Newspaper Archive of
Catholic Northwest Progress
Seattle, Washington
February 28, 1964     Catholic Northwest Progress
PAGE 1     (1 of 12 available)        PREVIOUS     NEXT      Full Size Image
PAGE 1     (1 of 12 available)        PREVIOUS     NEXT      Full Size Image
February 28, 1964

Newspaper Archive of Catholic Northwest Progress produced by SmallTownPapers, Inc.
Website © 2020. All content copyrighted. Copyright Information.     Terms Of Use.     Request Content Removal.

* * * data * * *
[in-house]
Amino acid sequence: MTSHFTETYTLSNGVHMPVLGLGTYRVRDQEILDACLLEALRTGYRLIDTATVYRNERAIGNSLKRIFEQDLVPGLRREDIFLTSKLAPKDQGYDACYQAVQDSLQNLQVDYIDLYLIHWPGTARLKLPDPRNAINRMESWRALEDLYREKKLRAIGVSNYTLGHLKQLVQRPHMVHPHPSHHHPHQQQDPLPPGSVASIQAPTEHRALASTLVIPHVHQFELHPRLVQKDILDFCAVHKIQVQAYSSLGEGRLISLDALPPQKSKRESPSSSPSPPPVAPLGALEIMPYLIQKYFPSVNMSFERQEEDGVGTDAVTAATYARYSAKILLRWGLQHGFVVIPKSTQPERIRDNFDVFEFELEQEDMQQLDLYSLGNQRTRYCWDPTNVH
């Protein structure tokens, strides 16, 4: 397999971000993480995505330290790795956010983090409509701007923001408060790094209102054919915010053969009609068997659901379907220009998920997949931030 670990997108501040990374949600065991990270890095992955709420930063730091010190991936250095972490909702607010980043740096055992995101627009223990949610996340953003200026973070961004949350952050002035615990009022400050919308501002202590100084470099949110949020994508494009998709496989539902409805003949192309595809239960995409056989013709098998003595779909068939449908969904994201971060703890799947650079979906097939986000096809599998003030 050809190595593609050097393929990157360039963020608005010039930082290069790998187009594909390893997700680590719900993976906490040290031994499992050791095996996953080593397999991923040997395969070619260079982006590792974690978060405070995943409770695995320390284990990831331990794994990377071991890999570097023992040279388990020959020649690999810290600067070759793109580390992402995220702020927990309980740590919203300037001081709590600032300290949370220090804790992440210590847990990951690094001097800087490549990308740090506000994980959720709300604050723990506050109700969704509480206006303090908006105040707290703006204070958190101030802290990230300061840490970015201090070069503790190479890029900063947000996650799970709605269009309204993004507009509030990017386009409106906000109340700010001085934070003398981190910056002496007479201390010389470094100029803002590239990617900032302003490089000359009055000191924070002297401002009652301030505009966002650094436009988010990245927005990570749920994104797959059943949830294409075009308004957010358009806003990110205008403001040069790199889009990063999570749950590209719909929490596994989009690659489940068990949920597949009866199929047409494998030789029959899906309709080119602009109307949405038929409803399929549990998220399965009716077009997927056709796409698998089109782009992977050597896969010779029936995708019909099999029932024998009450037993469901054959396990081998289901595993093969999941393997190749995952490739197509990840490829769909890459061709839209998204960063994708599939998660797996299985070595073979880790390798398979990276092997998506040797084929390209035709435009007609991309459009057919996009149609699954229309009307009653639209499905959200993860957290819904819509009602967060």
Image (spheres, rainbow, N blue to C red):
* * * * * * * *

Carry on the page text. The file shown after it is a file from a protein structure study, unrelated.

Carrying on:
Month of Prayer Begins Sunday Is Dedicated to Vocations "THE HARVEST INDEED IS GREAT, BUT THE LABORERS ARE FEW." March has been designated as religious vocation Subject for the essay is "What would it be like to be a month by the Most Reverend Thomas A. Connolly, priest or Sister?" A $25 award will be made in each of five di- Archbishop of Seattle, as a means of directing atten- tion of all Catholics to the increased need for priests, Brothers and Sisters. Recognizing the demand for more clergy and Religious to serve the growing Archdiocese, the Archbishop has authorized a program of prayer and activity in all parishes and schools under the direction of Rev. Stephen Szeman, Archdiocesan director of vocations. A special Prayer for Vocations will be recited daily in all churches and schools, except during the week of March 17 when it will be replaced by the annual Novena for Vocations. In order to reach students of Archdiocesan grade and high schools, the Archbishop has appointed 47 priests as official vocation month speakers. Priest-directors of the Confraternity of Christian Doctrine have been called on to speak to their groups regarding vocations. In addition, special vocation study outlines have been prepared for CCD use by the Archdiocesan department of education. Members of the Serra Club will extend the campaign for vo- cations to parents through talks to parish groups and other organizations. Serra also will sponsor its religious vocation essay contest in Seattle and Tacoma. The contest will be open to all grade schools, junior high schools, CCD groups and girls' high schools. visions. Names of the winners and those receiving honorable mentions will be published in The Progress after the contest ends April I. Scheduled March 14 is the annual examination for candidates to the seminary. Consideration of the subject of vocations brings out several factors contributing to the current situation. "The needs are unbelievable," said the Very Rev. Denis D. Foudy, S.S., Rector of St. Thomas Seminary, Kenmore, in speaking about the problem of vocations. "In the whole North- west and particularly in the Seattle Archdiocese where the growth in population has been so great, there are relatively few voca- tions," he said. According to Father Foudy, only an estimated 23 priests from the seminary will be ordained for Seattle in the next four years. He noted that by 1968, the post-war population growth will be apt to increase the number of vocations, but he stressed, because the population will continue to expand, even these will be absorbed quickly. Father Foudy sees two major causes for the apparent lack of vocations: first, the rapid growth of the Archdiocese has simply outstripped the number of vocations, and second, some parents do not want "heroism" for their children. "We must keep pointing out to parents the tremendous, heroic role of a priest," according to Father Foudy. "Everyone must CHRISTIAN CULTURE - - SERIES, PAGE 7 Official Newspaper for the Archdiocese of Seattle Vol. 67No. 9 Seattle, Washington, February 28, 1964 (Published every Friday) $4.00 per yearI0c per copy  41 tApartheid Text Historic Landmark Razed: Said 'Not Official' The Nesqually Chancery That Was DView of Church CAPE TOWN, South regard Archbishop Whelan's AFRICA (NC) m The chairman of the South African Bishops' Confer- ence declared here that a statement by Archbishop William P. Whelan, O.M.I., of loemfontein upholding this ation's policy of apartheidm rict race segregation-- was a personal one and not the of- ficial stand of the Church. The chairman, Archbishop Owen McCann of Cape Town. countered assertions that Arch- bishop Whelan's statement was made on behalf of the South African Hierarchy. He s a i d at if Archbishop Whelan had tended making an official atement, it would have first had to be approved by the Bishops: Conference. That body did not discuss it, and therefore it was not an official statement, Arch- bishop MeCann said. The Cape Town Archbishop said that Archbishop Whelan was entitled to his own views s head of the Bloemfontein rchdiocese, but that those views were not these of the Bishops' Conference. But, he added, insofar as Archbishop Whelan quoted the joint state- menLs of the Sodth African Bishops, he was setting forth the official attitude of the Church. At the same time, Archbi- op Denis Hurley, O.M.I., of urban declared that it would be "completely erroneus" to views as the official Church position. Archbishop Hurley said: "Any report that this is the official attitude of the Church is completely erron- eous. Just as when I make my speeches I do not expect my views to be binding on the Church, so Archbishop Whel- an's views are in no way the Church's official attitude." Archbishop John Garner of Pretoria--this country's fourth archbishop---declined to com- ment on Archbishop Whelan's statement until after the plen- ary meeting of the Bishops' Conference scheduled to begin in his See city February 22. Archbishops McCann a n d Hurley spoke out after South African government agencies, including the republic's inform- ation service in New York, had released Archbishop Whelan's statement w it h the assertion that "the Roman C a t h o 1 i c Church of South Africa today issued a statement clarifying the attitude of the Church to- ward South Africa's racial pol- icy, apartheid." Archbishop Whelan himself empahsized after releasing his statement that it was not made on behalf of the Bish- ops' Conference. But he said that the statement was not a purely private expression of his views as Archbishop of Bloemfontein. The Archbishop said it was (Continued on Page 2) Civil Rights Mass iDSe.ts Participation The Most Reverend Thomas A. Connolly, Arch- bishop of Seattle, will preside at a civil rights Mass to be sung at 5:30 p.m. Monday, March 2, in St. James Cathedral. The solemn high Mass is being arranged under the auspices of the Catholic Interracial Council of Seattle, recently established by the Archbishop to spearhead Catholic participation in civil rights. Celebrant will be Rev. John D. Lynch, chaplain of the inter- racial council. Father Lynch will deliver the sermon. Officers of the Mass include Rev. Richard Stohr, pastor of Our Lady of Guadalupe Parish, deacon; Rev. D. Harvey McIn- tyre, assistant chancellor of the Archdiocese, subdeacon; and Rt. Rev. Msgr. Philip H. Duffy, archdiocesan superintendent of schools, assistant priest. Chaplains to the Archbishop will be Rev. A. L. Leaby, pas- tor of Christ the King Parish; and Rev. Emery Blanchard, pastor of Our Lady of Fatima Parish. Metropolitan crossbearer will be Rev. Robert Daly of St. Anne's Parish; and processional crossbearer, Rev. James Dun- ning of t. John's Parish. Master of ceremonies at the throne will be Rev. Stephen Szeman and master of ceremonies at the altar will be Rev. James Gandrau, editor of The Progress. Singing will be the Holy Names Academy Cecilians under the direction of Sister Virginia Marie, S.N.J.M. Also participating will be the Knights of Columbus Fourth ;ree honor guard of the James Shields General Assembly. (Continued on Page 2) THE REV. JAMES DEADY, REV. TIMOTHY MOYNIHAN, AND REV. JAMES DEADY LOOK AT SOME OF THE SOUARE NAILS USED IN THE OLD CHANCERY BUILDING IN VANCOUVER NOW BEING DEMOLISHED. Wrecking Recalls Church's Past By Alan Leland VANCOUVER, Wash.-- While crowbars pried at hand-hewn timbers and claw hammers p u 11 e d square nails from aged but still sound wood, old-time Vancouver residents this week watched a landmark come down. The severely plain-looking three-story building which once housed the Bishop of Nesqual- ly and priests who ranged out to serve the sprawling pioneer diocese, fell to the wreckers' tools to make more room for Vancouver's expanding c o m- mercial district. Long-time residents say the building was built some 92 years ago--in the early 1870's -- on the property of Provi- dence Academy where it served as a residence hall for the Sis- from the Academy grounds to Twelfth and Washington Streets where the sparkling new St. James Cathedral stood. The church still stands there, although a decree in 1907 removed the diocesan headquarters to Seattle. The barracks-type hall must have looked strangely out of place alongside the imposing new Gothic cathedral but it re- mained there from 1884 until 1928 when it was moved--for the second and last time--to make room for the present rectory, a handsome brick structure in the classic design of the adjacent church. The 1928 move took the old frame building to a corner on Mill Plain Boulevard and C Street where new owners put the historic structure to use as a rooming house. It was used as such until the owner de- cided to demolish it this year. The last move of the old Nesqually Chancery brings a vivid memory back to the "dean" of St. James Parish, Kathleen Clancy. Miss Clancy has lived in the parish longer than anyone else, having come to Vancouver in 1882 as a four-year-old child. She has but a dim memory of the old St. James Cathedral at Fort Vancouver but recalls well the construction of the new Ca- thedral. Her father helped build and, in fact, was chairman of the building committee. Her recollection of the old Chancery and its move in 1928 was of her brother, Jim Clancy, climbing to the top of the building to rescue the cross placed there years be- fore--perhaps under the di- rection of Mother Joseph her- self, the pioneering nun who brought a small, brave band of Sisters of Charity of Provi- dence to the wild Northwest in 1856. The hand-wrought iron cross was still atop the building when it was placed on its new foun- dation, Miss Clancy said. She said her brother couldn't bear the thought of it being torn down and thrown away by its new owners so up a ladder he went and shinnied the last few feet up the steeply-pitched roof to the top and removed the cross. The relic has since been lost. It was last seen in a display in 1938 commemorating the 1O0th anni- versary of the date in Novem- ber, 1838, when the Northwest's first two Catholic missionaries, Abbe Francis Norbert Blanchet from Quebec and the Rev. Mo- deste Demers, stepped from a boat on to the banks of the Columbia River at, then Brit- ish, Fort Vancouver. ters of Charity of Providence who ran the region's first Catholic school, orphanage and Has 800 Saturday Students hospital. Horses pulled the ungainly structure some four blocks In Today's Progress . . . Charities Official Backs Housing Bill .............. 2 Priest-Brother Writes of Kwilu Revolt ............. 3 "That I May See" (Editorial) ................ 4 Family Prayer Expresses Love ...................... 5 Mystical Body of Christ .... 7 Archdiocesan Schools Share in Yule Fund ............. 8 Lenten Menus .............. 9 Prep Wins District Bid but O'Dea Was Great ......... I0 Speakers Receive Trophies..12 EDMONTON, A 1 t a., (NC)--For 800 Edmont- on students, r e a d i n g, writing a n d 'rithmethic don't end with the Friday afternoon bell. For them Saturday morning is not for sleeping in. It is classes as usual. And they pay to attend school instead of gath- ering around the soda fount- ain. An experiment begun two years ago has become a re- sounding success at St. Joseph's High School which is filled to capacity each Saturday with 40 teachers and the stud- ends who want to catch up on i'egular class work. Half of the students attend- ing the 15-week course come from city public schools, the others are from the separate schools, mostly Catholic. The teachers, paid for their extra hours work, also are drawn from the two systems. Some are so enthused about the progress shown by the stud- ents that they say they would donate the time if there were no other way. The project is self-support- ing-the 50c per hour paid by each student is used to pay teachers, janitors' wages, and all other costs. The bulk of the students are studying the regular basic high school subjects. The program snowballed this year, with four times the num- ber of students who attended last year, now foregoing Sat- urday morning relaxation. Emphasis is placed on re- medial reading which will give the students help in all of the regular class subjects. Sterilization Bill Backed JACKSON, Miss. (NC) -- Vol- untary sterilization at state expense would be authorized under a bill introduced in the Mississippi Legislature by State Senator T. M. Williams. exercise heroism in this regard," he said, "if only in praying for vocations." Sister Elizabeth of Jesus, F.C.S.P., vocation director for the College of Sister Formation at Pine Lake, attributes the lack of religious vocations to another cause. "There is a great need for homes to stimulate generosity and sacrifice among children. Too many of our youth don't think of sacrifice, and as we have become more materialistic, the situation worsens," she said. Sister pointed out the need for a means of involving chil- dren in service for the benefit of others, for instance, as CCD helpers, assistant sacristans or junior volunteers in hospitals and homes for the aged. "Generosity and sacrifice are the basis of the religious life," she said. "Today young people are looking at the appeal of the Peace Corps, but they are looking at what they themselves can get out of the experience, while the greatest sacrifice is to work solely for God." For the Very Rev. Michael J. O'Neill, S.S., President of St. Edward's Seminary, the problem of vocations centers around the need for perseverance among young seminarians. "Judging from last year's grade school applicants, the situ- ation is encouraging," he said. "What we want now is the grace of perseverance, because if the size of our classes continued as they are, we would not have nearly as much of a problem." "Through prayer and personal encouragement, families, friends and pastors can do a great deal in helping our young seminarians to become priests," Father Foudy said. Press Drive Sets New Record, Boosts Total Past 40,000 February was the Catholic Press Month that was. That vas so because The Progress during its annual Catholic Press Month campaign has reached an all-time high in new subscriptions m 6,872. This new record has boosted The Progress' total paid subscription list past the 40,000 mark by 546. The press month drive could not have been pos- sible without the interest and generosity of readers everywhere. Its success was also due to the zeal of press month priest-speakers, who had been appointed by the Most Reverend Thomas A. Connolly, Archbishop of Seattle, to af- ford everyone with an oppor- tunity of receiving "a vital and essential source of spiritual de- velopment." Last Sunday's new subscrip- tion count of 1,750, collected from 30 parishes throughout the Archdiocese, pushed the old press month record of 6,477, set in 1963, out of existence. The 1,750 was made up of 1,607 new subscriptions and 143 gifts. Leading last Sunday's list, marking the fourth and final phase of the campaign, was St. Louise Parish of Bellevue with 188 new subscriptions. The St. Louise total places that parish in fourth place among the drive's cumulative Top Ten, which includes in the order of their placement the following parishes: St. James Cathedral, 212; St. Anthony's, Renton, 208; Sacred Heart, Bellevue, 197; St. Louise, Bellevue, 186; Holy Rosary, Seattle, 180; Blessed Sacrament, 144; St. Edwards, Seattle, 139; St. Alphonsus, Seattle, 136; St. Benedict's, Seattle, 133; and Visitation, Tacoma, 131. Rounding out the first 10 be- hind St. Louise's in Sunday's final phase were Holy Rosary, (Continued on Page 3) Cuba Refugees Confirm Desecration MEXICO CITY (NC)---Cuban refugees on their arrival here reported details of the des-- ecration of a statue of Our Lady by Communists in San- tiago last October. The refugees said that on October 4 a group of Reds led by uniformed militiamen ent- ered Santiago's Santo Tomas church. They, stripped the stat- ue of Our Lady known as "the pilgrim" of its vestments and jewels and dressed it in the uniform of a militiawoman. While they were doing this, the refugees added, the Cuban Reds shouted insults. The statue is known as "the Pilgrim" because of the many times it had been taken on pilgrimage through Oriente province, of which Santiago is the capital. The Cubans did not confirm a report that the desecration had been ordered by Premier Fidel Castro. But they reported that a few days before the in- cident occured, the Premier's brother--Vice P r e m i e r Raul Castro had been in Santiago to preside at a meeting at w hi ch antireligious remarks were made. I I I [ [ I II 1 II I /o. C.C.D. CHRISTIAN CULTURE SERIES Gene A. Ford and ASSOCIATES Public Relations Fund Raising 619 NORTON BLDG., SEATTLE --98104--- Attend the Civil Rights Mass to Pray for Racial Justice and Harmony ,,, I I III IIII I[llllllllilllllllll II I I I IIIll '